53 Year Old Male: Severe Leg Pain–Conclusion

This is the conclusion to 53 year old male: Severe leg pain. You may wish to review the case.

Before we begin, my apologies for the delay in posting this conclusion. I live in coastal NY, and we got hammered by Hurricane Sandy. It has taken me a little time to get all caught up.

This is not an easy case. Our patient's chief complaint is of sudden onset of severe leg pain, and chest pain. Also notable is the measured hypertension.

Here is another look at the second 12 lead, which showed the following changes from the first:

There is sinus tachycardia, at a rate slightly above 100 bpm. There is physiologic left axis deviation. There are no signs of chamber enlargement, and the QRS is normal width. There is slight ST elevations in I and aVL, with ST depressions in the inferior leads, as well as V2 and V3.

At this point, our list of DDX should probably include:

  • DVT
  • Possible aortic dissection
  • STEMI

The patient's complaint sounds like it could be DVT, as many readers pointed out. We might expect to see swelling and redness as well, and this was not noted by the EMS crew. These signs and symptoms are not sensitive, however, as about 50% of people with DVTs will not have them. 

The patient is hypertensive, with chest pain, which led some of you to suggest an aortic dissection. Usually there is sudden onset of maximal chest pain, 10/10, with a "ripping" or "tearing" sensation. We do not have those typical signs and symptoms here by history. 

The patient does have ischemic signs on the 12 lead, consistent with lateral STEMI, but the patient's main complaint seems to be leg pain, not the chest pain.

 

So, how do we manage this patient? 

 

For starters, I think this is a tough patient to figure out. We have three good possibilities on our list of DDX, and two of them are immediately life threatening. 

I look at it this way, and of course it is with the benefit of hindsight. There seems to be more going on here than DVT, based on the patient's presentation, chest pain and 12 lead ECG. 

STEMI seems to be a reasonable assumption based on the 12 lead, but I would be thinking that as an atypical presentation (leg pain), this would almost be off the charts. It just doesn't seem like STEMI.

We also know that other conditions can cause ischemic changes on the ECG, and a dissecting aorta is one of them.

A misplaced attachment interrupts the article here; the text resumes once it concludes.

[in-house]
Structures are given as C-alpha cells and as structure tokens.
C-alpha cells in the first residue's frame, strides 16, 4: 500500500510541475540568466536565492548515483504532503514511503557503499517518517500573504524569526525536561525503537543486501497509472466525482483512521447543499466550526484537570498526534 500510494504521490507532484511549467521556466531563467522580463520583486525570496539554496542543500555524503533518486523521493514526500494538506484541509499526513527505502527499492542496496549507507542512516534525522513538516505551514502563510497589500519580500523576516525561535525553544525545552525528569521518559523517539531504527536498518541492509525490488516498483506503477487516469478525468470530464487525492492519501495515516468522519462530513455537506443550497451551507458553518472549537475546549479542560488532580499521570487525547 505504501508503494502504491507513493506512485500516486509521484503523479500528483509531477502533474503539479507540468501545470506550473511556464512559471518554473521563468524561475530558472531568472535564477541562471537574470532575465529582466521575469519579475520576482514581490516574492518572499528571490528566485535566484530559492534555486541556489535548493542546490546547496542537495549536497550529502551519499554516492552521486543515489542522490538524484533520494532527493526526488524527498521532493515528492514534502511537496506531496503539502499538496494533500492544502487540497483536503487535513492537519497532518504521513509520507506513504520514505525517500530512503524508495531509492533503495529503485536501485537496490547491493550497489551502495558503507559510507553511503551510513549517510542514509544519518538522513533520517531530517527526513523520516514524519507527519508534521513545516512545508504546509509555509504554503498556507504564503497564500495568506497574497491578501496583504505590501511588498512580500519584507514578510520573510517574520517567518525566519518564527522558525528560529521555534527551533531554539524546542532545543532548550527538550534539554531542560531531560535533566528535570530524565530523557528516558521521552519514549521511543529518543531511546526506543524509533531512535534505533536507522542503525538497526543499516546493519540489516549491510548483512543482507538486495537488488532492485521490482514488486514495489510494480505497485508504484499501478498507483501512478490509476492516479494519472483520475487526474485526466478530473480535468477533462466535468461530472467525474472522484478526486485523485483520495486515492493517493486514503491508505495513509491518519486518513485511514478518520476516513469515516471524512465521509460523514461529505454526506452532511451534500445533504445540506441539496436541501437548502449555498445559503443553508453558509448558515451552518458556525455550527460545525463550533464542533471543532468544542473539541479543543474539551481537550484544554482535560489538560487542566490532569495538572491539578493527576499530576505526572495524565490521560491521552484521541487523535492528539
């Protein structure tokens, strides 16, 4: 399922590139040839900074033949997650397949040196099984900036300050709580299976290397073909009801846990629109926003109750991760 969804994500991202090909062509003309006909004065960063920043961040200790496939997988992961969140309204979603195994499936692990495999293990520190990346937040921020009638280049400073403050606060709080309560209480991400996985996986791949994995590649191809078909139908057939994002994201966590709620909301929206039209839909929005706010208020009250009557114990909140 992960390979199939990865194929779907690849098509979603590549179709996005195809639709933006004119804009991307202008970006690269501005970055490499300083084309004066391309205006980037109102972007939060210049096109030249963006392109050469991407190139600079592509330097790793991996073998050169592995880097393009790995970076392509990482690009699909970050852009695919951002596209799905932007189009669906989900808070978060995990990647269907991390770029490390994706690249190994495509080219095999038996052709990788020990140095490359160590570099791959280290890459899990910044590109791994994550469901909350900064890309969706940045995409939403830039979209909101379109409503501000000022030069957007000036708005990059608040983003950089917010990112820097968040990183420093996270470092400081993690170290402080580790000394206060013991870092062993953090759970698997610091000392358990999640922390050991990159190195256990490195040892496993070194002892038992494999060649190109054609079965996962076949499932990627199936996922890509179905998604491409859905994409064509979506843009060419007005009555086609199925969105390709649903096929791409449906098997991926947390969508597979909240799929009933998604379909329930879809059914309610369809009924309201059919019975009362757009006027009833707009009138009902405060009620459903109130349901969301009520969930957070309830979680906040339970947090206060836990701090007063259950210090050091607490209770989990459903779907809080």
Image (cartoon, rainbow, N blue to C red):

Of course, O2 and IV access are indicated. NTG is a good possibility because it would be beneficial in either scenario. 

With that in mind, I would at least make sure we are transporting the patient to a hospital that can handle both STEMI and surgery for dissecting aorta. 

If a dissection progresses in a retrograde direction towards the aortic root, an acute total or partial occlusion of one of the main coronary arteries can occur. Usually, it is the RCA that is involved, but unusually, it can involve the left main. In the ED, heart rate and blood pressure will be controlled until surgery is performed. You can read more about this phenomenon here

As you have probably surmised by now, this was the fate of our patient. Once in the ED, a CT scan revealed a dissection of the ascending aorta. This dissection caused a partial occlusion of the LMCA. The patient underwent extensive surgery to repair the aorta. He was expected to make a strong recovery. 

We hope you enjoyed this unusual case! As always, comments are encouraged!

 

 

5 Comments

  • nate says:

    did the pt have extension of the dissection down to the illiac arteries?  did the thoracic dissection explain the leg pain?

  • CJ Ewell says:

    Overlooked in the differntial is an arterial embolus in the leg, possibly a widespread coagulation disorder that could also cause cardiac artery involvement. I'm with you, go to the best equipped place you can.

  • roger m says:

    with disections you can have plaque rupture that will migrate to the feet at a later date turning them black and will have to be watched closely

  • Dr.boris says:

    Have you ever thought of using a blood flow stimulation kit? I recommended them for most of my patients dealing with this. Check it out. [url]http://www.kingbrand.com/Leg_Injury_Treatment.php?REF=Boris1011[url]

  • tramadol says:

    You can certainly see your enthusiasm in the article you write.
    The world hopes for even more passionate writers like you who are not afraid to mention how they believe.
    At all times follow your heart.

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EMS 12-Lead

Cardiac Rhythm Analysis, 12-Lead ECG Interpretation, Resuscitation

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Comments
Ruud Valkenborg
Snapshot Case: What Happened?
Beautyfull R on T with a unsynchronised ECV. :-)
2015-05-27 07:38:19
george
Snapshot Case: What Happened?
why cardiovert urgently in this case? The first strip shows a "well controlled" heart rate. Cardioversion provoked torsade de points due to unsync administration....... Unnecessary risk taken......when amiodarone or flecainide would do the job "quietly".....
2015-05-27 06:46:53
Joe
Snapshot Case: What Happened?
Pt has some wicked bi-phasic T-waves s/p defibrillation...
2015-05-27 04:01:32
Greg
Snapshot Case: What Happened?
Unsynced cardioversion! I mirror the comments above wondering why this patient even required cardioversion for this afib as the rate doesn't seem particularly sinister. And after 4 shocks maybe consider that the afib might not respond at all and focus on other treatment avenues.
2015-05-27 02:56:05
Sam
Snapshot Case: What Happened?
The patient appears to have been unintentionally cardioverted during the relative refractory period, which can send the heart into v-fib. The first attempt looks to be 50J, under the 120J usually recommended for rapid a-fib, and did not work. Before the second attempt, it appears that there is no longer capture and the patient was…
2015-05-26 23:51:11

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